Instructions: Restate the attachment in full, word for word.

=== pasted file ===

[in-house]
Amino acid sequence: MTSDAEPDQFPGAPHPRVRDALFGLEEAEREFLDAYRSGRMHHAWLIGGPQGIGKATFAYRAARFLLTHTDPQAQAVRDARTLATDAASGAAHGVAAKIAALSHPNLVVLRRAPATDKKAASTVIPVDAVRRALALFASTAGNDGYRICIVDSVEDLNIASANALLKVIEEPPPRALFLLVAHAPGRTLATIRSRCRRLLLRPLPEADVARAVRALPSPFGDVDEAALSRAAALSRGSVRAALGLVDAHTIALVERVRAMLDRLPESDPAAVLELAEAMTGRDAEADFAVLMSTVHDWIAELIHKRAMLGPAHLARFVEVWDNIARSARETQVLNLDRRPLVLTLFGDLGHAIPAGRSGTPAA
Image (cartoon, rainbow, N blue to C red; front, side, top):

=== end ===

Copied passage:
[in-house]
Amino acid sequence: MTSDAEPDQFPGAPHPRVRDALFGLEEAEREFLDAYRSGRMHHAWLIGGPQGIGKATFAYRAARFLLTHTDPQAQAVRDARTLATDAASGAAHGVAAKIAALSHPNLVVLRRAPATDKKAASTVIPVDAVRRALALFASTAGNDGYRICIVDSVEDLNIASANALLKVIEEPPPRALFLLVAHAPGRTLATIRSRCRRLLLRPLPEADVARAVRALPSPFGDVDEAALSRAAALSRGSVRAALGLVDAHTIALVERVRAMLDRLPESDPAAVLELAEAMTGRDAEADFAVLMSTVHDWIAELIHKRAMLGPAHLARFVEVWDNIARSARETQVLNLDRRPLVLTLFGDLGHAIPAGRSGTPAA
Image (cartoon, rainbow, N blue to C red; front, side, top):